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[qi:gigaom_icon_routers] Verizon (s VZ) said today that it’s inked a partnership with Wi-Fi hotspot service provider Boingo Wireless that will allow its broadband customers to use Boingo hotspots across the country, an agreement that was first reported by The Wall Street Journal back in May. The New York-based phone giant has been somewhat of a flip-flopper when it comes to playing nice with Wi-Fi, always insisting that its 3G wireless networks are better. Regardless, Boingo is the one that’s laughing all the way to the bank. The two companies have had a relationship for many years, but only because MCI had partnered with Boingo before being acquired by Verizon. Since then, Boingo has partnered with Verizon Business, which I guess includes parts of MCI.
The new contract is designed as a master agreement, giving Verizon the right to extend services previously provided to Verizon Business to other business units. “Verizon is one of our longest-standing platform services partners, and the renewal and expansion of this agreement is further validation of our turnkey offering,” said Dave Hagan, president and CEO of Boingo Wireless. “This renewal extends our six-year relationship into a decade-long partnership.” (Boingo Press Release.)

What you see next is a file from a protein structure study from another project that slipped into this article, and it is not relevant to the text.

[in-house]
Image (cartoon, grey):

Boingo, I bet at the urging of Verizon, is being vague about the deal. But since this is a much-expanded relationship — probably the biggest private-label deal ever signed by Boingo, and one that is going to significantly impact the company’s revenues — I would say Verizon has significant plans for the Boingo network. Santa Monica, Calif.-based Boingo has been selling its network as a white-label solution to companies such as EarthLink (s elnk), BT Infonet and others. And as a direct result of this business, the company has become profitable.
After mocking Cablevision (s CVC), its hometown broadband rival, and AT&T (s T), its national rival, it looks like Verizon is eating crow when it comes to Wi-Fi. When Cablevision launched its Wi-Fi service, a Verizon spokesperson dismissed it as “nothing more than a marketing stunt.” A stunt so awesome that Verizon is copying it!
From Verizon Press Release:
New Verizon FiOS Internet customers who order an up-to- 25/15 Mbps* (megabits per second) or faster connection, or new HSI customers who order an up-to- 3 Mbps/768 Kbps* (kilobits per second) or up-to- 7.1 Mbps/768 Kbps* connection, can connect to the new Verizon Wi-Fi hot spots, at no additional charge as part of their broadband service.
The new WiFi service is also available free of charge for existing FiOS Internet customers with up-to-20 Mbps or faster packages and existing HSI customers who have either an up-to-3 Mbps or up-to- 7.1 Mbps package.
So the big question is, why is Verizon doing this deal? For starters, Cablevision in particular has been very successful in building loyalty with its broadband subscribers thanks to its free Wi-Fi offering.
Verizon will be able to do the same, expanding its relationship by offering free Wi-Fi to its wireless customers. And if the rumors of an Apple (s aapl) Tablet that uses the 3G and 4G networks are indeed true, Verizon is smart to get a Wi-Fi network in place — so as to not repeat the mistakes of AT&T, which spent $275 million to buy another large Wi-Fi provider, Wayport, to bulk up its wireless capabilities.
Maybe Verizon should buy Boingo?